Getting your fly snagged in trees and brush

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It happens to nearly everyone – your fly gets stuck high up in a tree or in some tall brush.  You give several tugs on your line, but the fly won’t budge.  So you get mad and give a sharp quick pull and then your fly isn’t attached to your leader, it’s lost in that tree forever.  Is there a way to avoid this?

There are ways to try and stop that from happening.  The first thing to do is take a few long deep breaths, relax, and try to determine exactly how the fly is stuck before you give that quick angry tug.  Is the line just caught around a branch with the fly dangling free at the end?  If so a slow steady pull that inches the fly up and over the branch is your best approach.   Just get your rod tip as close to the branch as possible, and point your fly rod directly at the fly while you pull slowly on the line.  Once the fly is very close to the branch give the rod tip a quick up and down move, trying to get the fly flipping up into the air and over the branch.  What you want to avoid is getting the hook of the fly buried in the branch.  When that happens you’re in trouble

But there’s still something you can do if the fly isn’t sunk into the branch beyond the barb of the hook.  You can try to get the tip of your rod under the bend of the fly and carefully loosen it from the branch.  Once the fly is no longer hooked in the branch it will be attached to your rod tip, and then you can carefully bring it down.  Be careful that you don’t use too much force, as it’s far worse to break your rod tip than lose a fly.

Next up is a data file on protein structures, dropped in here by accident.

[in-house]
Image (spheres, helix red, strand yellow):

If your leader is wrapped around the branch you have a different problem.  Then you have to determine exactly how your line is wrapped around  – is it going clockwise or counter clockwise.   In either case you want to flip your fly line in the opposite direction so that the line isn’t around the branch, but dangling from the top of it.  Once that happens, you can utilize the slow steady pull technique.   Sometimes the leader is looped around the tree branch several times, and it will only tighten the line around the branch if you pull on it.   Again you have to determine which way the line is caught and try to flip it, one loop at a time, until your fly is dangling and you can pull it slowly out of the tree without getting the hook caught. 

The last thing you want to do is pull the hook of the fly into the branch beyond the barb, then you’ll never be able to get it out.  Once that happens all you can do is pull on the line.  Either the fly will come loose, the branch will break, or the tippet will break and you lose your fly.   Still, that’s not the end of the world – unless there’s a major hatch going on and that happened to be the last fly you own that matched the hatch. 

 

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